Eustace de Vesci
|Eustace de Vesci|
|Noble family||de Vesci|
|Father||William de Vesci|
|Mother||Burga de Stuteville|
His parents were William de Vesci and Burga de Stuteville, daughter of Robert III de Stuteville. He paid his relief on coming of age in 1190. He was with Richard I of England in Palestine in 1191. On 13 August 1199 he appeared as one of the guarantors of the treaty between the new king John of England and Renaud I, Count of Dammartin, and in the same year, probably later, he was sent to William the Lion of Scotland to promise him satisfaction of his rights in England, and witnessed his homage on 22 November 1200.
He witnessed charters frequently in the early years of John's reign, in 1209 was one of the guardians of the bishopric of Durham, and on 10 April of the same year he was sent to meet William The Lion on his visit to England. He was serving the king in Ireland from June to August 1210. Accused of conspiring against John in 1212, he fled to Scotland. A tale of John's attempted seduction of his wife, and the trick played on him, first appears in Walter of Hemingburgh and bears a close resemblance to a classical model.
His lands were seized, but after John's submission to the pope he was forced to invite Vescy back (27 May 1213), though orders were sent on the same day to Philip de Ulecot to cripple him by destroying his castle of Alnwick. On 18 July 1213 he was one of the recipients of John's pledge to abide by the decision of the pope concerning the things about which he had been excommunicated. On 5 November 1214 Pope Innocent III warned him not to trouble the king.
The Barons' Revolt
He was a leader in the First Barons' War, in 1215 marching south against King John I with Robert Fitzwalter. He was prominent among the barons who wrung the Magna Carta from John, and was one of the twenty-five appointed to see it carried out. He was excommunicated by name with others of the barons in 1216. He supported in the confused situation ensuing Louis, the French dauphin, who was claiming the English throne. He was killed at a siege of Barnard Castle; while he accompanied Alexander II of Scotland on his way to do homage to Louis of France, on the way they laid siege to Barnard Castle, belonging to Hugh de Balliol, and, approaching too near, Vescy was shot through the head by an arrow.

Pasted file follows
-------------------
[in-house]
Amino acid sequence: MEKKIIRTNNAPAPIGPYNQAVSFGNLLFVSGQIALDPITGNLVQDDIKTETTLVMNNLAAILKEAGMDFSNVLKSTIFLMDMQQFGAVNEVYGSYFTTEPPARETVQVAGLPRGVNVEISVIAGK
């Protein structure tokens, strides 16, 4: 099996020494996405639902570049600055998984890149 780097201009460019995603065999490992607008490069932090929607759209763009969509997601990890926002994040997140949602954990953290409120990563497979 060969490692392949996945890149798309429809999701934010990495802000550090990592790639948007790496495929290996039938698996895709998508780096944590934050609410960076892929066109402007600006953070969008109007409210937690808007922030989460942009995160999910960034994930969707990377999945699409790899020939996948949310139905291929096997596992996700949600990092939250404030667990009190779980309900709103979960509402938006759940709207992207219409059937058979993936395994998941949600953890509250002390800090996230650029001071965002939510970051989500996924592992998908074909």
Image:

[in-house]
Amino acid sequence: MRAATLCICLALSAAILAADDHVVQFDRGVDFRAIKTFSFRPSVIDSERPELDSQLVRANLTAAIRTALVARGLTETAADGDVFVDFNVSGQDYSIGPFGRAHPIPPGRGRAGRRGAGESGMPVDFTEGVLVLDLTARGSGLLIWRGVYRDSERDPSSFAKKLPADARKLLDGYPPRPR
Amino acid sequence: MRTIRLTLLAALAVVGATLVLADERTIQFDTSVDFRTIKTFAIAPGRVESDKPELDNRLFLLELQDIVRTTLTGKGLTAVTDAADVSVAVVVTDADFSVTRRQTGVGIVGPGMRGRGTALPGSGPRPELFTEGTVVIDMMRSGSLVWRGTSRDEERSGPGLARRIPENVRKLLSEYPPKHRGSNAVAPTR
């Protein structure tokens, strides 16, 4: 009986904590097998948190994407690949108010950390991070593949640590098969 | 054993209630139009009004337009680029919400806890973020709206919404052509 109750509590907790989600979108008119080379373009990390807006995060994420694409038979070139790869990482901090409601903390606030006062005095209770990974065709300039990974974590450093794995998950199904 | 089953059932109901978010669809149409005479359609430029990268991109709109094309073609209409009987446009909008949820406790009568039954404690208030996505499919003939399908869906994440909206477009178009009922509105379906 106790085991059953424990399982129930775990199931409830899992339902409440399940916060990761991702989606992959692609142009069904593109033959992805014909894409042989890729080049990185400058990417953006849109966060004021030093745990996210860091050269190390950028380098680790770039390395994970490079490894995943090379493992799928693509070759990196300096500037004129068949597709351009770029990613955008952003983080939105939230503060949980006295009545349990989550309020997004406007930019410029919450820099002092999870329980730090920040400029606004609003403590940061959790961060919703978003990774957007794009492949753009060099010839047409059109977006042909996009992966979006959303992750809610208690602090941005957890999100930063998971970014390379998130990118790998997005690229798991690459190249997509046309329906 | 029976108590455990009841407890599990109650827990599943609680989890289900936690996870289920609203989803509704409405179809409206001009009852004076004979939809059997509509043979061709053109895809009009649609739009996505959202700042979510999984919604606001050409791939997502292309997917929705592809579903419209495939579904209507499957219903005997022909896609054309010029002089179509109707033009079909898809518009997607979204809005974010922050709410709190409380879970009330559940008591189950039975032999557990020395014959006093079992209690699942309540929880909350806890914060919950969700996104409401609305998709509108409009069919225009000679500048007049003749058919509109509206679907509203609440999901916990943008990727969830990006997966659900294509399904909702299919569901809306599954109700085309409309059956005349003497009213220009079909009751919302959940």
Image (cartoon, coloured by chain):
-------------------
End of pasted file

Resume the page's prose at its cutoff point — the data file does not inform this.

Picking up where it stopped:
His lands were confiscated and given to Simon de Champ Rémy, Philip de Ulecot, and William de Harcourt.
- William de Vesci, who was father of John de Vescy and of William de Vescy. The latter was one of the Competitors for the Crown of Scotland in 1291.
- Richardson, Douglas, Magna Carta Ancestry, Baltimore, Md., 2005, p.xi, ISBN 0-8063-1759-0
- Browning, Charles H. (1915, 2002). Magna Charta Barons and Their Descendants: With the Story of the Great Charter of King John: Sketches of the Celebrated Twenry-Five Sureties for Its Observance, and Their Lineal Decents. Baltimore: Genealogical Publishing Company. p. 129.
- "The Baronage". The Baronial Order of Magna Charta & The Military Order of The Crusades. Magnacharta.com. Retrieved 17 October 2012.
- Sommerville, J.P. "The Crisis of John's Reign". University of Wisconsin–Madison. Retrieved 17 October 2012.;Smith, Andrew P. "Northumbria". Durenmar: Arx Peritae. Durenmar.de. Retrieved 17 October 2012.
- "Magna Charta Barons". The Baronial Order of Magna Charta & The Military Order of The Crusades. Magnacharta.com. 1998. Retrieved 17 October 2012.
- Jim Bradbury, Philip Augustus (1998), p.318.
- thePeerage.com - Person Page 10780
- Dunbar, Sir Archibald H., Bt., Scottish Kings, Edinburgh, 1899, p.84
- Rymer, Thomas Foedera, London, 1704, vol.1, part 2, p.776
- Dunbar, Sir Alexander (1899) p.282-3: Pedigree Showing the Thirteen Competitors for the Scottish Crown &c.
- This article incorporates text from a publication now in the public domain: "Vescy, Eustace de". Dictionary of National Biography. London: Smith, Elder & Co. 1885–1900.